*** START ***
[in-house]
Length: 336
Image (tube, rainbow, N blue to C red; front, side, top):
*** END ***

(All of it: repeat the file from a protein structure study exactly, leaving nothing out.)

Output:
[in-house]
Length: 336
Image (tube, rainbow, N blue to C red; front, side, top):